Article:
I was raised in Saudi Arabia, where it is illegal to have a church or own a Bible.
My family is Greek Orthodox so, at a few months of age, my parents took me to Syria to be baptized. I was fully immersed into the water three times at a convent. If you were to witness this event, you would hear the baby desperately gasping for breath between each dunk. It’s quite thrilling and terrifying at the same time for the parents. Yet it’s the biggest milestone in a baby’s life in this culture – bigger than a first birthday. You invite everyone and people literally travel from other countries to witness this event. It’s usually followed by a huge party; like a wedding.
Yet I want to point out that, even though this event is a huge celebration, the meaning of it can easily be lost. My parents who raised me in Saudi Arabia never taught me anything about Jesus. I didn’t even know we were Christians or who Jesus was. I remember being asked at school if I was a Muslim or a Christian and I didn’t know the answer.
“I didn’t even know we were Christians or who Jesus was.”
The seed was first planted when we moved to Florida when I was 10, back in 1990. I remember a handful of young Gideon people entered my classroom and distributed the Gideons New Testament with the Psalms and Proverbs. I knew there was something special about it, so kept it in my treasure box. I didn’t open the book till I was 13, when we moved back to Saudi Arabia. There was no church; nobody to give me any spiritual direction. Yet I had the most beautiful encounters with Jesus, just by spending time with his Word. It was then that I developed a relationship with the real Jesus, outside of religion. It was a beautiful demonstration of how God’s Word nurtured me.
Looking back, this was a real demonstration of Isaiah 55:10-11: “As the rain and the snow come down from heaven, and do not return to it without watering the earth and making it bud and flourish, so that it yields seed for the sower and bread for the eater, so is my word that goes out from my mouth: It will not return to me empty, but will accomplish what I desire and achieve the purpose for which I sent it.”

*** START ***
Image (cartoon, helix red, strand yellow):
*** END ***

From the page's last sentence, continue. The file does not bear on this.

Two years ago, on my 40th birthday, I took the decision myself to be baptized. It wasn’t my parents’ choice on my behalf. In my journey with God, I have experienced healing, friendship, love, arguments, doubts, and revelations I never imagined I would.
“Yet to all who received him, to those who believed in his name, he gave the right to become children of God.” – John 1:12
When I look back at my life, I have seen this truth unfold, “With your mouth you have promised and with your hand you have fulfilled.” 1 Kings 8:24. I have found that true peace is the overriding assurance of God’s loving presence through all circumstances. It doesn’t depend on physical healing, happy endings, promotions, or any material things. I also learned that a relationship with God is not something you inherit, or a birthright. It’s an adoption – a choice where I respond to his invitation every day because the King has adopted me as his own daughter, and I can live as such in His kingdom.
In taking the step to place my faith in Jesus, it is not because I am a better person. I am still the weak, predictable, unwise person I have been. I often say the wrong things and lose focus on the important things in life. On the other hand, God is constant, faithful, kind, loving and trustworthy. He doesn’t wait till I am good before he takes me in. He invites me into His abundant life just as I am. For me, the life-changing moment was when I received God’s word in the Bible from The Gideons; it has been a transforming journey from the start.
“For me, the life-changing moment was when I received God’s word in the Bible from The Gideons; it has been a transforming journey from the start.”